The Case For Indiana Jones 5

raiders-of-the-lost-ark

Last weekend, Harrison Ford expressed a willingness to return to Lucasfilm to reprise one of his most famous and iconic roles.

No, not Han Solo--although we're all expecting to hear that soon. Rather, Ford said that he would be open to appearing again as Indiana Jones, the intrepid, adventuring archaeology professor...and we think he ought to do it.

That's probably not, to be perfectly honest, a popular opinion. While Indiana Jones and the Kingdom of the Crystal Skull did alright both critically and at the box office when it first came out, it hasn't aged well and has become something of a punchline among fans. We ourselves even named it as one of the worst "comeback" films for a character.

So what makes us think they could do right by the audience the next time out? Read on...!

And remember: The rumor has it Harrison Ford wants to do just one of the Star Wars sequels and if it's true that Han Solo will die, his suddenly very active filming schedule could have a couple of spaces in it where no other studio had dared to try and schedule him for anything. Could we see him take on Indy as a result of his character being written out of Star Wars? That could work nicely for Disney...

There's Nowhere to Go But Up

This one's huge, of course: When Indiana Jones and the Kingdom of the Crystal Skull was announced, there were only three films and they were all, as far as the fans were concerned, very good.  Even Temple of Doom, most people's choice for third-best, had its adherents and wasn't generally thought to be bad, per se.

There was, you could say, noplace to go but down. And that's where the franchise went.

Now, though, you have a floor as well as a ceiling. All they have to do in order to justify making the sequel is to make it better, or at least more fan-friendly, than Crystal Skull.

Indiana Jones DisneyThe Movie Really Didn't Do That Badly

Going back to an earlier point we kind of blew by: Indiana Jones and the Kingdom of the Crystal Skull rated 78% on Rotten Tomatoes. That might be eight points lower than Indiana Jones and the Temple of Doom and 17 points lower than Raiders of the Lost Ark, but it's also better than most summer tentpoles.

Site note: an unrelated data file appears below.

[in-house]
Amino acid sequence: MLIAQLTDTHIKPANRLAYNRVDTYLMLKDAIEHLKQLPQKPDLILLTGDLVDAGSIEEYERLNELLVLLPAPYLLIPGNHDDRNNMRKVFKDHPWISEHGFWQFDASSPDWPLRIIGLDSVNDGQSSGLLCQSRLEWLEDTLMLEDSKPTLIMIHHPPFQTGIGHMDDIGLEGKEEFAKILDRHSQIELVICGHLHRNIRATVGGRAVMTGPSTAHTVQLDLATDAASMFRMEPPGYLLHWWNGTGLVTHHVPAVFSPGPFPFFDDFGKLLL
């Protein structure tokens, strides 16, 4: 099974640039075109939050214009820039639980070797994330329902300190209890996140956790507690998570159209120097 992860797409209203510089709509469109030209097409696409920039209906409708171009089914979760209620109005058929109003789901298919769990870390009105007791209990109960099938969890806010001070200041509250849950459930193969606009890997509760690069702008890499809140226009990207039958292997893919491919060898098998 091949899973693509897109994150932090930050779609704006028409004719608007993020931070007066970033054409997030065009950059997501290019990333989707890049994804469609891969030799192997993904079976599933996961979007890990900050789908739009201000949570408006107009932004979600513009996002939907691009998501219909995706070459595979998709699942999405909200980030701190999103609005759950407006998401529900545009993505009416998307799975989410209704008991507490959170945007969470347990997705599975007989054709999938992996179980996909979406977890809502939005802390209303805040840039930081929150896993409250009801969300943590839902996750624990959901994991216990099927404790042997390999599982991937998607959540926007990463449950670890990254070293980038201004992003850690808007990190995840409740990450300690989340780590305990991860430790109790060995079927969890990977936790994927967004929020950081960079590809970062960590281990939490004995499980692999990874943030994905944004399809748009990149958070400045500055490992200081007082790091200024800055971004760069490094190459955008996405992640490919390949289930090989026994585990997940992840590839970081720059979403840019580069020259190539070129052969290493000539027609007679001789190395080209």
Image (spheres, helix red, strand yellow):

Meanwhile, the film made more than $300 million domestically and $750 million globally on a budget of $185 million. That's not too shabby, and is far away the highest gross in the franchise if you don't account for things like inflation (the record books don't).

No George Lucas

Let's face it: George Lucas is a visionary who just...can't seem to make anything work anymore. With him at the helm of Lucasfilm, there was always going to be tinkering. With Indiana Jones now stamped as Property of Walt Disney Studios, it would be difficult for Lucas to step in and do anything that might damage the film.

Can we prove it was him who made bad calls last time out? Of course not--but given that the reputation of the Star Wars prequels among fans is very similar to the reputation of the Indiana Jones sequel, it's probably a safe bet.

There's a Status Quo Now

A lot of what they had to deal with last time around was world-building; it had been fifteen years since audiences had last seen Indy, and everyone involved knew that it could be the last film. The result was they needed to spend a decent amount of time establishing the world for the viewers and then making sure to wrap up as much as possible at the end.

This time around, they wouldn't have any such problem. Alright, so he has his long-term love interest, his love child, we know what he's doing and that Henry has passed away. Everything is pretty much set to just turn the key and drive into the next big adventure.

Disney Has No Expectations

Not only don't the audience have much in the way of expectations anymore, but neither does Disney.

When they bought Lucasfilm, the studio made it clear that they had assigned no value to Indiana Jones as a property, and that Star Wars was not only the priority but in fact the whole reason for the acquisition. Everything else was just gravy.

What's great, then, is that as long as the movie makes money (which the last one did--quite a bit!), the studio would at least in theory be tickled to do it.